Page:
October 20, 2010 - renewable energy certificates

Wednesday, October 20, 2010

Busy harbor in Norfolk, VA, with ships old and new.
I'm back from the TAPPI PEERS conference in Norfolk, Virginia.  TAPPI put on a great show, and the participants were very enthusiastic about the technical aspects of the pulp and paper industry.  I offered a presentation about renewable energy certificates (also known as renewable energy credits in some states - either way, RECs). A REC is a non-tangible trad\able commodity representing a set of the environmental, social and other non-power attributes of renewable electricity generation.
In the United States, federal and state policies favor renewable energy production by providing incentives for the development of renewable power resources. One primary state-level mechanism for rewarding renewable generators is the Renewable Energy Certificate (REC) market. In many states, laws and regulations require utilities to source a specified portion of their power from qualified renewable resources. Utilities satisfy this compliance obligation by purchasing or otherwise obtaining RECs to cover this load. In addition, a variety of voluntary markets exist for RECs.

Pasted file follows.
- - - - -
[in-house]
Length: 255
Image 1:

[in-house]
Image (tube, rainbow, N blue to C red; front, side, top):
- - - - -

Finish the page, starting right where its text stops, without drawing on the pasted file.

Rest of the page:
Pulp and paper mills are well-positioned to participate in the REC market as sellers. As shaped by the forces of history and economics, today's mills often operate renewable generation such as a hydroelectric generation station or a biomass-fired steam turbine generator. For each megawatt-hour of qualified renewable power generated at a mill, a certified resource's owner will receive one REC. Owners can then sell these RECs in voluntary or compliance markets. The opportunity to sell RECs can enhance the economics of a mill and its renewable generation.

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